Tell Me About It: Take care of yourself while grieving
Recently, I have been trying to date and mingle due to my son's worry I will be alone. I'm 30 and feel as though I'm doing something wrong. When I took my vows, I meant them, so I feel like I'm cheating or being unfaithful to my husband. He chose to do what he did, so should I be feeling this guilt when on a date?
Answer: I am so sorry. That is such a heavy thing to carry with you.
Those vows, presumably, were "till death do us part," so they don't impose guilt, they absolve you of it. But also please free yourself of any pressure to date. I realize you want to ease your son's mind. I fear you could unwittingly hurt him later, though, by reinforcing his idea that "alone" equals "bad."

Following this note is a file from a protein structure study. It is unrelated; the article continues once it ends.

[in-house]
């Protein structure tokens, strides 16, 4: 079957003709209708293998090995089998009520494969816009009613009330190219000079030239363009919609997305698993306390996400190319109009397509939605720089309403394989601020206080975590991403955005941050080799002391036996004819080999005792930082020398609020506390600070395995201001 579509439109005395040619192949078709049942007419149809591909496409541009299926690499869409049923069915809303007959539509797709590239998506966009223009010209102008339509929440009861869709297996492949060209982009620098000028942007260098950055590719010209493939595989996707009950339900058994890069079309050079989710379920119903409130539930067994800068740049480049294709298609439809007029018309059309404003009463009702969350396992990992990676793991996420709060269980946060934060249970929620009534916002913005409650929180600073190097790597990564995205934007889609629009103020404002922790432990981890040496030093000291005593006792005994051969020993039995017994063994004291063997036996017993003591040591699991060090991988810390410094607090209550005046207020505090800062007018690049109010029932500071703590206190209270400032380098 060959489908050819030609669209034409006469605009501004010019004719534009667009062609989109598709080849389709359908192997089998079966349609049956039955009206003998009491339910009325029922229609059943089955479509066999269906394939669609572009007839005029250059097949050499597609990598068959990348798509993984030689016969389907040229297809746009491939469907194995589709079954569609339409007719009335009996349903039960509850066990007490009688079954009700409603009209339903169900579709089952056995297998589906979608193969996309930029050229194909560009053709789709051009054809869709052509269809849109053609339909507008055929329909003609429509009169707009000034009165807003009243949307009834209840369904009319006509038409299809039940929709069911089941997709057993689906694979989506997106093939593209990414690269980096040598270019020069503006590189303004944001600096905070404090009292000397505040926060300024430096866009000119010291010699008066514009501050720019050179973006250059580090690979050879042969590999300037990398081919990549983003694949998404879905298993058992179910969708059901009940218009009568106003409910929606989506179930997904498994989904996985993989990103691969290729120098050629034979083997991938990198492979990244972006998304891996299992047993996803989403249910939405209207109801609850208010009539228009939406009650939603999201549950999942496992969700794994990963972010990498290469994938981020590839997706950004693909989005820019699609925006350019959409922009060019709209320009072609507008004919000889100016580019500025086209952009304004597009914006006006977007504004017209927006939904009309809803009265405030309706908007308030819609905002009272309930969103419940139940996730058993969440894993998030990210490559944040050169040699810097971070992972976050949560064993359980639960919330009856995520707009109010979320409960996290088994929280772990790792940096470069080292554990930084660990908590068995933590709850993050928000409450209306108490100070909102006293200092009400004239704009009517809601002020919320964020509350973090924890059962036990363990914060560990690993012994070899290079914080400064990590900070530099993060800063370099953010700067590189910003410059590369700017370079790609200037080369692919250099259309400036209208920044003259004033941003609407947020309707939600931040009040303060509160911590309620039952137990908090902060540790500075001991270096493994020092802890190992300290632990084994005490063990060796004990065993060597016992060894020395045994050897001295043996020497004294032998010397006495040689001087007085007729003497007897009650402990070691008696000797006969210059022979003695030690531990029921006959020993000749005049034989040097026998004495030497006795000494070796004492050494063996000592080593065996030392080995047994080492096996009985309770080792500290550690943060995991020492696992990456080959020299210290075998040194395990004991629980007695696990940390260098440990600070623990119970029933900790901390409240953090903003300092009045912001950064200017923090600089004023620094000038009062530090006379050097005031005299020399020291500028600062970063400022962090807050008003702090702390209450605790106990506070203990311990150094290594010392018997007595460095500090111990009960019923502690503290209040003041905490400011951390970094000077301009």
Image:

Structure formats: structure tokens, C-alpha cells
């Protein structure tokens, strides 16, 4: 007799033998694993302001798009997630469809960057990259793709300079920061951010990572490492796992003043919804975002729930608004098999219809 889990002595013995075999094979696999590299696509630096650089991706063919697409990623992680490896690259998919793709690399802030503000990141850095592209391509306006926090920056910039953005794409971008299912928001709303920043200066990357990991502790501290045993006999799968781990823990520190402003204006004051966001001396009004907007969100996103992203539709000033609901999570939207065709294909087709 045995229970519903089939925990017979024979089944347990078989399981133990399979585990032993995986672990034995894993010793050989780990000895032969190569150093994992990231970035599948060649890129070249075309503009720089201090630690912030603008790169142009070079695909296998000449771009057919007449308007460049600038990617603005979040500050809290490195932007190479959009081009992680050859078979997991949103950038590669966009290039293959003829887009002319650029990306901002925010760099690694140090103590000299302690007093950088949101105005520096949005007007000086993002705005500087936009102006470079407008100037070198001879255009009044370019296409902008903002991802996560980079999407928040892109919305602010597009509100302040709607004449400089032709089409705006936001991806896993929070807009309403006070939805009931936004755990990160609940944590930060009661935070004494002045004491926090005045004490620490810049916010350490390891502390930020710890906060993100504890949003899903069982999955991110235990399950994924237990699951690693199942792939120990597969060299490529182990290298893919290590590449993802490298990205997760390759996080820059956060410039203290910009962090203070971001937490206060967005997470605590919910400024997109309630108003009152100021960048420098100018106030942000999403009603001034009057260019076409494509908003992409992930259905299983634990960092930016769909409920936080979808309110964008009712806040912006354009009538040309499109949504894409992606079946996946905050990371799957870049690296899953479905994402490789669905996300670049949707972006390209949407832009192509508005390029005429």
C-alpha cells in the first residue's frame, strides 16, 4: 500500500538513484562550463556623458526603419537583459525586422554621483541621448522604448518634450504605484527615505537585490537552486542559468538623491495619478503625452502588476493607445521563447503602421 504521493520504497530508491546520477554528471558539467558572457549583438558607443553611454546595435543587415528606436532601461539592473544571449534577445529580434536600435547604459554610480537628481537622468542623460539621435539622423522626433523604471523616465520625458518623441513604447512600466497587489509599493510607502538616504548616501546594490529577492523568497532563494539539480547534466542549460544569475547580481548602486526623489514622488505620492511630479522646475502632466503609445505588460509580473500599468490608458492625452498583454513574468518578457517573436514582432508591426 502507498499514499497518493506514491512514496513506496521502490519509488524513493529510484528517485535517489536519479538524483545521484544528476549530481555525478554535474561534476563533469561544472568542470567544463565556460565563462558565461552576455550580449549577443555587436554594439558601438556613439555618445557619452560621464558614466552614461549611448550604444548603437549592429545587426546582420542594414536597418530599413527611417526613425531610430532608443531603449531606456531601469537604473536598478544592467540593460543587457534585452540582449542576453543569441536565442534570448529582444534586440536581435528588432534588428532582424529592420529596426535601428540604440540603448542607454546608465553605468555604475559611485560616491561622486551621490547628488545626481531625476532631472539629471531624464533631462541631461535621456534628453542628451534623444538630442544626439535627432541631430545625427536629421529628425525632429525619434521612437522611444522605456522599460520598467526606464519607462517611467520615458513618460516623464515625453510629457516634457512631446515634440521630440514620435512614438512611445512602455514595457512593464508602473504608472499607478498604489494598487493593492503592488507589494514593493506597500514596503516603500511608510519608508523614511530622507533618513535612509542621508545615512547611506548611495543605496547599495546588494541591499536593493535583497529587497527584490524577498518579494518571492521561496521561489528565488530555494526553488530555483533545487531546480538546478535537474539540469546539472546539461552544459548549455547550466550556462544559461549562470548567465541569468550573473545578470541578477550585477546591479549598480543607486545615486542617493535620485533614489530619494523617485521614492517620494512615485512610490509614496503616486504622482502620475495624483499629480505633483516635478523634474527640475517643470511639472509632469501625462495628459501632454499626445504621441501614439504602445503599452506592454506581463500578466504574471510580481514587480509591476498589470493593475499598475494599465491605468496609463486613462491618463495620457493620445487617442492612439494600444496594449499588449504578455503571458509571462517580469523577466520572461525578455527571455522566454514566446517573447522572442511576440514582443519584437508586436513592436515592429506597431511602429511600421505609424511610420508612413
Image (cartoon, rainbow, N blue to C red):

And it's OK to address your son's worries with a gentle, firm, loving, and consistent adherence to this message. It's a message of inner strength and stability for two people no doubt still staggered by a devastating blow.
Please model for him an adult who is whole. Grieving, for sure, but complete.
Question: My fiancé cheated on me. I was heartbroken and broke things off.
Five months after we split, he dated one of my friends, writing to say that since he'd "been dishonest in the past, he now wanted to be a better communicator" (while breaking my heart all over again).
I broke off all contact with both parties.
My question: This was awful, and I did the right thing, right? I'm still reeling.
Answer: Dating a friend's cheating ex-fiancé just months after he torpedoed the engagement seems awful to me, yes. As does cheating on one's fiancée, counting to 10, and then dating her friend. (Telling you this himself . . . well, that was the best of some bad options.)
But you don't need any of that, or me, to justify taking care of yourself. You're in pain; these two people are a direct and ongoing source of this pain; and you have no obligations to them beyond your (former) fondness for them.